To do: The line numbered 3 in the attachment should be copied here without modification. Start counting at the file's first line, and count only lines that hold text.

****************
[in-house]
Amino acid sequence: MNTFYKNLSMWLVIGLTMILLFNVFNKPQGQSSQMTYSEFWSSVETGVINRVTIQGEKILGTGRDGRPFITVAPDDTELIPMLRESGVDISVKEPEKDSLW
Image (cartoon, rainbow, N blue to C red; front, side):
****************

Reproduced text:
Image (cartoon, rainbow, N blue to C red; front, side):